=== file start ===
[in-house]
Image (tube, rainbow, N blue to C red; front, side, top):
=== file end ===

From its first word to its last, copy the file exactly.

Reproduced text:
[in-house]
Image (tube, rainbow, N blue to C red; front, side, top):